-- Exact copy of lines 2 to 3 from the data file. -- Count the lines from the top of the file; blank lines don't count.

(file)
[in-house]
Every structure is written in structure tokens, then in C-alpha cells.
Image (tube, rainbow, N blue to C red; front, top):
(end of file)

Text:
Every structure is written in structure tokens, then in C-alpha cells.
Image (tube, rainbow, N blue to C red; front, top):